Apple, and Jobs in particular, are not infallible. The iPhone 3G and 2.0 software launch hasn't gone smoothly, with numerous reports of dropped calls and connectivity issues. Likewise, problems occurred with Apple's recently introduced MobileMe online service for syncing data between devices.
Zach Nelson, NetSuite
Zach Nelson wasn't CEO of NetSuite (NYSE: N) when in 1998 the company (called NetLedger back then) helped usher in the era of Web-based applications and software-as-a-service. However, it wasn't until 2002 when the affable, baseball-loving Nelson took the helm that the company started to expand its product offerings, global reach and market presence.
Nelson brought the company public less than a year ago (December 2007), and its market cap is currently around $1 billion.
Salesforce grabs more headlines, but NetSuite has taken on the more complex task of offering a full on-demand business suite that encompasses ERP, CRM, inventory control, e-commerce and accounting to mid and large companies. While some still associate NetSuite with its legendary lead investor Larry Ellison, make no mistake: This is Nelson's company.
While still not profitable, the company is growing. Its annual revenue has grown from $17.7 million in 2004 to $108.5 million in 2007. Its revenues for the first six months of 2008 were $71 million, up from $48.7 million for the same period in 2007. NetSuite also continues to grow globally with 20 percent of its revenue coming from outside of North America.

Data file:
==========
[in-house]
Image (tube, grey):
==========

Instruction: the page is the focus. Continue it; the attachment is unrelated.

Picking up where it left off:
Numbers aside, you have to love a CEO who not only sold NetSuite to the Oakland A's, but also recruited the team's General Manager Billy Beane to its board of directors.
Sam Palmisano, IBM
Before you assail us for selecting a leader of a huge tech bellwether, hold up. Sam Palmisano has earned the respect of colleagues and rivals for his ability to see where tech is going and maneuver a tanker-size ship called IBM (NYSE: IBM) through the shoal-strewn waters of tech to get there.
He's also got a strong senior management team making sure the strategy that backs up that vision is on course. Consulting and software divisions are two main examples.
He also saw the need to divide its huge consulting division into the business process engineering division to help companies navigate their far-flung networks that suffer from the limitations of legacy investments that work well, but don't go far enough any more.
He stayed the course on IBM's plan to exit money-losing businesses such as its HDD and has taken risks with the Cell chip. He helped oversee the software acquisitions in the past year that help hold IBM's edge in business intelligence software, such as Cognos, the Business Intelligence software provider. That move alone is a huge complement to its consulting ranks, which are pulling in an even bigger lion's share of IBM's annual revenues and profit.